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Books

How to talk to kids during times of tragedy: 3 books to help

In light of yet another horrific hate crime, this time in my hometown of Pittsburgh against the Jewish community in Squirrel Hill, I thought this was a particularly good time to revisit how we discuss tragedy, violence, death, and dying with our kids. This is a conversation no parent dreams of having but more often we are faced with. What are we to do when wanting to comfort a scared or grieving child? We are struggling to process it in our own minds; the last thing we want to do is explain tragedy to our little ones. When I am faced with my own tragedy, I turn to books.

To be sure, books don’t have all of the answers but they are a start. Books are an excellent resource when you don’t know what to say, where to go, or how to begin. Books can comfort you and let you know that you’re not alone. The following are three books that have helped me during a difficult time in my life.

1. HEALING A CHILD’S GRIEVING HEART: 100 PRACTICAL IDEAS FOR FAMILIES, FRIENDS AND CAREGIVERS BY ALAN D. WOLFELT

“A grieving child’s life is like a piece of paper upon which every passerby leaves a mark. What kind of mark would you like to leave on the life of the child whose heart and soul have been touched by the death of someone loved?”

I found this book to be amazingly helpful. Inside it contained more than 100 helpful activities for dealing with grief and mourning. Tip 12 is an example: “Consider the child’s relationship to the person who died…Each child’s response to a death depends largely upon the relationship she had with the person who died…Set aside your own thoughts and feelings and enter her world as you consider this point.” See what I mean? Useful stuff. A child’s grief is not the same as your grief and must be treated differently than yours. Once I grasped that concept, I was able to move through the other practicalities of the book and construct a strategy that worked for each of my children separately.

 

2. THE GRIEVING CHILD: A PARENT’S GUIDE BY HELEN FITZGERALD

Fitzgerald helped me understand my own death history and confront my feelings about death. “Before you begin talking to your child about the death of a loved one or about death in general, be sure you know where you stand.” The author reasons that “the more you understand yourself, the easier it will be to avoid letting those feelings influence your child.” This, too, was helpful. You don’t want to muck up your child’s understanding of death with your own conflicted feelings. Throughout the book, Fitzgerald offers honest and useful ways handle such situations as whether or not to take the child to the funeral, or deciding when it’s time to seek professional help.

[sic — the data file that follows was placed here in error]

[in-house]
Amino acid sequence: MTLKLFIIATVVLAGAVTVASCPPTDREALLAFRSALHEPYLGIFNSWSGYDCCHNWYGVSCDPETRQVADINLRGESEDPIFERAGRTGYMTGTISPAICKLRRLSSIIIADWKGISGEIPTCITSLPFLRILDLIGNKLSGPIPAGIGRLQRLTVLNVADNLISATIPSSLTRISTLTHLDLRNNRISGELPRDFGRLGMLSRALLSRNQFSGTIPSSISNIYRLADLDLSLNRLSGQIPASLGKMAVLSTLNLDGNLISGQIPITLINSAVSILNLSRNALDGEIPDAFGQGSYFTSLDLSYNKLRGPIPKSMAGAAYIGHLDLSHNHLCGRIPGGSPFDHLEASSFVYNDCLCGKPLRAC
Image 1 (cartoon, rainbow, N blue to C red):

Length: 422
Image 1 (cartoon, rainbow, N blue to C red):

3. TALKING WITH YOUNG CHILDREN ABOUT DEATH BY FRED ROGERS

Talking with Young Children about Death is a brochure I received from a children’s grief therapist. As a long time fan of Mister Rogers, it is not surprising that I would turn to him to help me understand a child’s point of view while dealing with grief. “Children’s sensitivity to ‘vibes’ is extremely keen. At a time of sadness in a family there are so many facial cues, so many disrupted schedules, new people coming and going, lots of conversations to overhear, and a general aura that clearly states that something important is going on.” When you think about it that way, is it any wonder children act out? They know something is going on but no one will tell them in a way that they can understand. That must be incredibly frustrating and scary.

I’ve discovered that by turning to books for any occasion, even tragedy and dying, I can find what I need. Sometimes I find answers to questions, sometimes I find inspiration, sometimes I find a comforting poem or story. Talking with children about tragedy isn’t easy, but if you’re not sure where to begin, why not open a book?

Categories
Children

Books for Kids about September 11th. #PatriotDay

Books for Kids about September 11th

Sadly, tragedies are a part of life. Seems we’ve all participated in at least one. It’s hard to believe though, that September 11th, was 16 years ago. Seems like just yesterday, sometimes.  What’s also hard to believe, is that many children will have no knowledge of this event. I’ve even heard that they stopped teaching the events of this day in some schools. It’s hard to imagine life before the more stringent airplane security screenings and other security measures that are now commonplace.

If you want to talk to your kiddo about September 11th, here are a few books that might help:

Fireboat: The Heroic Adventures of John J. Harvey, by Maira Kalman

Here’s one for the littles.